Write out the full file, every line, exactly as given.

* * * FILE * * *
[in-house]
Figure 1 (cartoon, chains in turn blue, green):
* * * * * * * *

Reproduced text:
[in-house]
Figure 1 (cartoon, chains in turn blue, green):